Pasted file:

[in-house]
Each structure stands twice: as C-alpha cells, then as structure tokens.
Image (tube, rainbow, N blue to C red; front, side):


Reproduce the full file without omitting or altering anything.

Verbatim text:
[in-house]
Each structure stands twice: as C-alpha cells, then as structure tokens.
Image (tube, rainbow, N blue to C red; front, side):